Read on to decide which foot should you get.

Low Shank or High Shank?

Check here to see which one yours is if you haven’t figured it out yet. (Image in the link is taken from sewingmachineplus.com)

Types of Free Motion Quilting Foot

Spring formed free motion quilting foot – hopping mode

A free motion quilting foot allows the fabric to be moved as you pedal through the stitches. Most of the domestic machine will have a hopping mode free motion quilting foot which means that the foot will hop as you press the pedal, allowing the fabric to be freely moved when the foot is hopping up.

The hopping of the foot is controlled by a spring mechanism. If you look at the free motion quilting foot, you will see a spring coiling around the foot and there is a small bar perpendicular to the foot. This small bar is made to rest on the machine screw bar as in the photo below.


As the needle bounces up, the screw bar will lift the foot allowing the free motion movement to be possible.

Instead of springs, some free motion quilting feet may have a slightly different mechanism. For an example, ‘Singer’s darning foot’ does not have a spring but instead an arm that rests on the screw bar to work in a similar way. The arm that rests on the screw allows the foot to flick up and down as the needles bob up and down.


Non-hopping spring foot

There are also those free motion quilting foot that does not hop – they are basically floating too. They do not have the bar but may have a spring to allow slight bouncing. I love this type of foot as they are great for ruler work. Besides, hopping is kind of distracting. However, this type of foot does not work with all types of machine. I have a convertible free motion foot which does not hop as much and I love it. More on that later in this section.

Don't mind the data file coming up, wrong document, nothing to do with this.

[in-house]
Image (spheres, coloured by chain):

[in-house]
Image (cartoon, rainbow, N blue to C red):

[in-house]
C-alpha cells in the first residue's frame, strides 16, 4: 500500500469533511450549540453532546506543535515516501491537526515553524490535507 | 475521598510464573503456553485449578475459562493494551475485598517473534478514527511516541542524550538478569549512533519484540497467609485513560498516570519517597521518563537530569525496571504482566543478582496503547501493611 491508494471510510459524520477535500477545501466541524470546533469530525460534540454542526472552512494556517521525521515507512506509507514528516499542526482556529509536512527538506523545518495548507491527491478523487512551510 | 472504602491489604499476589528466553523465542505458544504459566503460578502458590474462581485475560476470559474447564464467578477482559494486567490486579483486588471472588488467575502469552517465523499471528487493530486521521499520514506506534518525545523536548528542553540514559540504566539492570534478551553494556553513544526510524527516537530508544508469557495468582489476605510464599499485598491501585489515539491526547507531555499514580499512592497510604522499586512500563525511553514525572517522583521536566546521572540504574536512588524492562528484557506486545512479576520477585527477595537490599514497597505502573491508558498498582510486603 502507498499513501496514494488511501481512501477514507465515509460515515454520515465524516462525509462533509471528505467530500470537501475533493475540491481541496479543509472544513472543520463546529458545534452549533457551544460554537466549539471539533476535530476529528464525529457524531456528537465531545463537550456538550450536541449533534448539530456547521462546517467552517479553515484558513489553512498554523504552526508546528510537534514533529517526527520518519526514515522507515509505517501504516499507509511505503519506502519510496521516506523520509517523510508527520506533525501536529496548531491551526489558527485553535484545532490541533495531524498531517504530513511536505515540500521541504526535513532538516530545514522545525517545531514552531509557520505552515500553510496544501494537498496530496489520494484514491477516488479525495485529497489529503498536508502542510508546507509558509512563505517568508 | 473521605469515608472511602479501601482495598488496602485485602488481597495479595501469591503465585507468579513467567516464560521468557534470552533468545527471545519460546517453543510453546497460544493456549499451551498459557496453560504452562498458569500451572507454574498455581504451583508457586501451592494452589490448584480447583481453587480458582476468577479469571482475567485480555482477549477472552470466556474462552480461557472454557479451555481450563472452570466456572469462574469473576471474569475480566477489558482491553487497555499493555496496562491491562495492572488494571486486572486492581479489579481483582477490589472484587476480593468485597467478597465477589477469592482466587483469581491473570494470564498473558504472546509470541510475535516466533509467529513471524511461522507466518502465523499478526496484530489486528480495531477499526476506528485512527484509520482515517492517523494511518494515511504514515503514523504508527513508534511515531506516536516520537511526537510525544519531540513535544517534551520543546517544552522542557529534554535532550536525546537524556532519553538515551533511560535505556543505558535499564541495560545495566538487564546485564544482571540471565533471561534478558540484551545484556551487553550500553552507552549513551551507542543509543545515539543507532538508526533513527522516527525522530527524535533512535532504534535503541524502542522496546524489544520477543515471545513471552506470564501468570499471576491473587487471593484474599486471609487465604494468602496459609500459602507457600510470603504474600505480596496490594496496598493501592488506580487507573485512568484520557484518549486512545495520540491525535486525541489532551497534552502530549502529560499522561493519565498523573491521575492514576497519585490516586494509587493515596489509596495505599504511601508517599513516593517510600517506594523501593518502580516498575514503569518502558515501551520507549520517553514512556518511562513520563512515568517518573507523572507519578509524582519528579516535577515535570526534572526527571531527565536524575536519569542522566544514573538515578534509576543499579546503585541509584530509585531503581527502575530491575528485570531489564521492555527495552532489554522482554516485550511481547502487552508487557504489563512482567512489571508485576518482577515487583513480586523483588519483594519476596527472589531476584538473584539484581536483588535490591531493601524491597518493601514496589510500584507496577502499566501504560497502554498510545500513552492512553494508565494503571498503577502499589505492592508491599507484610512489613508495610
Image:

Open toe, Closed Toe

Open toe or closed toe types are the common choices available for various free motion quilting feet.

Generally, you will want to choose an open toe to see better of what you are quilting. Especially if you are doing custom quilting and are particular about seeing where the needle punches. If you doing an allover quilting, this may not be necessary. However, I find that once I bought my open-toe foot, I never really use the closed toe anymore. They are kind of redundant. So, if you would only want to buy one, I recommend buying the open-toe one.